Some even If you're ready to cut ties, the link to deactivate is in your account settings, found under Security, but here's a direct link to use while logged in. Facebook will try to convince you to stay by showing you photos of the friends who will presumably miss your online presence.If you forge ahead through your veil of tears, Facebook will ask you to specify why you're leaving, then opt-out of future emails, agree to delete any apps or pages you've developed, and hit confirm. Facebook will leave you alone, but there's the option to reactivate.
Microsoft promise that it "deletes all the data associated" if you do so—but that takes 60 days, during which time you can reopen it, if you still have the account security info. You can't delete the account until you've canceled any premium (paid) services or subscriptions you have with Microsoft Commerce while logged in. Skype It used to be impossible to kill a Skype account, but you can reportedly now do it via an online chat with Skype representatives.To close an account, log in via a desktop browser and click the thumbnail pic in the upper right to access Account: Settings & Privacy. Look for a link called "Closing your Linked In Account" under Subscriptions.Give a reason you're leaving—most sites want to know what they can improve, or did wrong— and then click Continue.(And let's be clear, there's a difference between deleting an account and just deactivating it.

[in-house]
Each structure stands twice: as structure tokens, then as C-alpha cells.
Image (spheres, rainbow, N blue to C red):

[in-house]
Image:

We'll spell out the differences for each account, as needed.) Also, sometimes legality prevents a service from deleting everything you've posted publicly in the past, so remnants of your time there could remain in perpetuity.Each serves the same purpose—to let you know which sites and services make it easy to leave, which make it difficult, and which make it damn-near impossible.